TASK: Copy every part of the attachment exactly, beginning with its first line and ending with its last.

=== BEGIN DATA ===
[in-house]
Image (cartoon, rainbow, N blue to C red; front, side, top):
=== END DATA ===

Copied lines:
[in-house]
Image (cartoon, rainbow, N blue to C red; front, side, top):